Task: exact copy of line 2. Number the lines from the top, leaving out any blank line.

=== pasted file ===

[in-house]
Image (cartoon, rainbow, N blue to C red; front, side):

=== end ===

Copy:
Image (cartoon, rainbow, N blue to C red; front, side):